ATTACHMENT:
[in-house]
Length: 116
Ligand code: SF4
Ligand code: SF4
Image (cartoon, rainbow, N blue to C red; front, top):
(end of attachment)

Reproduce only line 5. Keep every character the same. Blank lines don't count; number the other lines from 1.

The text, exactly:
Image (cartoon, rainbow, N blue to C red; front, top):